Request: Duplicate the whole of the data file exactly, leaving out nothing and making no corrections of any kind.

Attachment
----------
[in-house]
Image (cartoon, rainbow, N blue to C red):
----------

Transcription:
[in-house]
Image (cartoon, rainbow, N blue to C red):